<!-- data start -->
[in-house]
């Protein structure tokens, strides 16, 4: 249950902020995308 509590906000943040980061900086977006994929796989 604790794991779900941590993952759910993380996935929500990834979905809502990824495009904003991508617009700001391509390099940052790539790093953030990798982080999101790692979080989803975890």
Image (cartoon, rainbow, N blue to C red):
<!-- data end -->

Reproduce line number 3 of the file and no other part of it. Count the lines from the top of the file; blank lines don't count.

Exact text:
Image (cartoon, rainbow, N blue to C red):